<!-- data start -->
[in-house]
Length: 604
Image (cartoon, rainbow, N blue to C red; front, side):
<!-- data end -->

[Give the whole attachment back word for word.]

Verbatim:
[in-house]
Length: 604
Image (cartoon, rainbow, N blue to C red; front, side):